Internet Law

Gossip website's appeal of ex-cheerleader's defamation verdict watched closely by Internet giants


A federal appellate court heard oral arguments in a closely watched case that could have huge implications for Internet-based speech.

The Cincinnati-based 6th U.S. Court of Appeals heard arguments Thursday in a defamation case originally brought by a Cincinnati Bengals cheerleader against a gossip blog known as The Dirty, the Washington Post reported. Sarah Jones, an ex-Bengals cheerleader and a former high school teacher in northern Kentucky, sued The Dirty’s owner Nik Richie in December 2012 over posts about her sexual history. Jones won a $338,000 jury verdict against Richie in 2013—an award that was upheld by the U.S. District Judge William Bertelsman, who rejected The Dirty’s argument that it was immune from liability because of the Communications Decency Act.

Richie’s lawyers argued that the website should have been shielded under the CDA because the offending statements were posted by third-party commenters. Bertelsman rejected the CDA defense in his opinion (PDF) because Richie had interacted with the commenters and encouraged others to join in. “A website owner who intentionally encourages illegal or actionable third-party postings to which he adds his own comments ratifying or adopting the posts become a ‘creator’ or ‘develop’ of that content and is not entitled to immunity,” Bertelsman wrote at the time.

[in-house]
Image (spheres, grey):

On Thursday, Richie’s lawyers warned that upholding Bertelsman’s decision would lead to chaos on the Internet. “If Judge Bertelsman’s ruling stands, the Internet will have a nuclear meltdown,” Richie’s attorney David Gingras said. “It’ll change the rules across the board for everyone. … Mark Zuckerberg could be dragged into court for what users post on Facebook.” Gingras said that Jones should have sued the people who actually wrote the offending comments, not the website, which was merely the vessel.

Several of the largest and most popular websites on the Internet have also urged the 6th Circuit to overturn Bertelsman’s decision, including Facebook, Google, Microsoft, Twitter, Amazon, Gawker and BuzzFeed, among others. Media outlets such as CNN, Yahoo, the Magazine Publishers of America and the McClatchy Co. have also asked the 6th Circuit in an amicus brief (PDF) to reverse Bertelsman,

According to WLWT in Cincinnati, Jones’s attorney, Chris Roach, urged the 6th Circuit to uphold the verdict. “Looking at the case law, and looking at the statute, I don’t think it was Congress’s intent to just say—there’s no liability on the part of websites whatsoever,” Roach said to WLWT.

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